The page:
The world building is intricate and layered and beautiful. The world eaters are fascinating and I’d love to see more of them; they’re so wonderfully alien. The details of the teraforming of planets were well-thought out. The author didn’t just hide behind smoke and mirrors; or, if they did, they gave the impression that those mirrors were windows and the smoke outside was clouds in the sky. The writing is excellent, the pace is perfect and there were very few extraneous scenes.
However, the first rape scene — which comes fairly early in the book — felt a touch gratuitous, to me. I could see why it was there, but it didn’t need to be. It felt more like a way to cause Moro more pain and humiliation to pointedly show us how horrible his life was even though we had already been told, at that point, what was and had been happening to him, but that’s purely my opinion. Even so, in dealing with the aftermath of it, because there is an aftermath even in fantasy worlds, felt very sincere. It wasn’t just brushed off as if it hadn’t happened.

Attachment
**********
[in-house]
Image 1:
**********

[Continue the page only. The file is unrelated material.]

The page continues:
I started the first chapter of this book several hours after dinner, just to see what the flavor of the book would be. I didn’t put it down until I’d finished it at three in the morning. Fortunately I’d already set the weekend aside for reading.
The author was genuine with their characters and genuine with their readers and it made for an enjoyable book. However, things to caution people on: this is not a book about BDSM. There is none of the BDSM lifestyle or the slave/master lifestyle in this book. Moro is a slave against his will and when he is collared and bound it is also against his will. There is a happily ever after ending, a small hint at a possible sequel — and if there is I’m going to buy is as soon as it’s out — and for those willing to take the plunge and read Moro’s Price, I really, really hope you like it as much as I did.